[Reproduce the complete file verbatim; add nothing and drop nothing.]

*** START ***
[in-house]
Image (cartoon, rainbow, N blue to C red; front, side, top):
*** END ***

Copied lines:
[in-house]
Image (cartoon, rainbow, N blue to C red; front, side, top):